As You Like It is a play by William Shakespeare, which belongs to once popular genre of a pastoral comedy and was based upon a prose romance Rosalynde by Thomas Lodge. The plot describes the adventures of main heroine Rosalind, who, being oppressed by her uncle, tries to find safety in the Forest of Arden, but eventually finds love.
Scholars have never agreed unanimously on the artistic value of the play, some considering it to be less important than other works by Shakespeare and some claiming it to be of great merit. In any case, the comedy is one of the most famous and often quoted works of Shakespeare, as it contains his most famous monologue: “All the world’s a stage// And all the men and women merely players; // They have their exits and their entrances, // And one man in his time plays many parts.”
The key theme of any pastoral comedy is love in a rural setting. But William Shakespeare does not only exploit the genre, but develops it to contrast and contrapose the genuine love of Rosalind and the sentimentalized superficial feelings of Orlando, as well as to focus on social issues, such as the problems of injustice and anti-social behavior, the foolishness of certain etiquette norms and the power of optimism and real deep feelings. The heroes of the play earn the real value of friendship and trust and together find a way out of the difficult situation.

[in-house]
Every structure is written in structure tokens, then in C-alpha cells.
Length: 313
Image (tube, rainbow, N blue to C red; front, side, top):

In this way the play with typical characters in conventional situations (the improbable events that made the urban courtiers wander to find peace and freedom in a woodland setting) is actually an attempt to focus upon serious issues using a light and entertaining genre.